Christians struggle to assist in Ivory Coast
Amid a renewed civil war in the West African country of Ivory Coast, Christian aid groups are struggling to cope with an expanding humanitarian crisis largely ignored by the international community.
In October and December of last year, Ivory Coast conducted a presidential election as mandated by a 2007 peace accord that ended nearly five years of civil war. Opposition leader Alassane Ouattara won that electoral contest with a clear majority of the votes. The election results were certified by the Independent Electoral Commission and Ouattara was declared the winner by the United Nations.
However, incumbent Laurent Gbagbo refused to abide by the democratic process and remained in office by force of arms.
Over the past several months, political violence has escalated steadily, culminating in civil war.
Ivory Coast is an ethnically and religiously diverse society. The southern half of the country is mainly Christian and the north is largely Muslim. However, about a third of the country's 21 million people follow indigenous religions.
Because Gbagbo is a Catholic and Ouattara is a Muslim, the conflict appears to be sectarian in nature, at least on the surface.
"Every aspect of life in the African community is bound to have religious undertones," Aiah Foday-Khabenje, general secretary and CEO of the Association of Evangelicals in Africa, tells ChristianWeek.
However, says Aiah, "I do not see the conflict in [Ivory Coast] as a religious one between Christians and Muslims."
Ethnic tensions are playing a much larger role in the conflict, the Christian leader claims.
Forces aligned with president-elect Ouattara appeared to be on the verge of defeating the Gbagbo regime, at the time of writing.
According to the UN, one million people have been displaced by the fighting in Abidjan, the country's commercial centre and de facto capital. At least another 100,000 refugees have fled across the border into Liberia, where they languish without adequate access to food, clean water, shelter, medicine or sanitation.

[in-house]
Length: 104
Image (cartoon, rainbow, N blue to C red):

As the fighting intensified around the western city of Duekoue at the end of March, an estimated 30,000 displaced persons took refuge in a dangerously overcrowded Catholic mission lacking in humanitarian supplies.
"A real humanitarian crisis is unfolding in [Ivory Coast] and, unfortunately, we are hearing very little about it," says Kelly DiDomenico of Development and Peace Canada, the Canadian chapter of Caritas Internationalis, the humanitarian and development agency of the Roman Catholic Church.
Caritas Internationalis, one of the largest nongovernmental organizations in the world, is one of the few Christian NGOs on the ground in Ivory Coast.
"Caritas Cote d'Ivoire (CI) reports that there is a lot of uncertainty in the country and people in the capital of Abidjan feel threatened and insecure and continue to flee," DiDomenico says.
The Catholic charity, says the communications officer for Development and Peace Canada, "has already begun to respond to the needs in Abidjan and are actively working to put in place more humanitarian aid programs."
"Caritas CI is currently providing emergency humanitarian aid to an estimated 5,000 internally displaced persons and 400 host families...in the western part of the country near the border with Liberia," DiDomenico says.
Caritas aims to expand relief efforts to assist an additional 15,000 displaced persons, who include Ivoirians and migrant workers.
"The most direct way to help is to make a donation to humanitarian aid that is being organized for those affected by this political crisis," DiDomenico says.
Although not directly active in Ivory Coast, other Canadian churches are contributing to relief efforts through international Christian organizations.
For example, the United Church of Canada supports the efforts of the All Africa Conference of Churches to address the crisis, explains Wendy Gichuru, the United Church's coordinator for Africa and Middle East programs.
The ACT Alliance, composed of 111 churches and active in 140 countries, launched the ACT Liberia appeal last month to raise funds to help Ivorian refugees stranded in neighbouring Liberia.
"We continue to pray for the people of [Ivory Coast]," says Gichuru, "and through our membership in the ACT Alliance, contribute ecumenically to humanitarian and relief efforts."
Similarly, the Primate's World Relief Development Fund (PWRDF), the Canadian Anglican Church's international development agency, contributes to ACT's relief efforts in the West African nation, says Simon Chambers, the charity's communications coordinator.
"It is not rhetoric to say Christianity is a religion of peace," Aiah says. "The Christian message never supports conflict, no matter the circumstance."
And when the civil war ends and old grievances must be reconciled, the Christian leader sees an important role for the church in Ivory Coast.
"The church, as an institution, has been instrumental in peace-building and conflict transformation," Aiah says.
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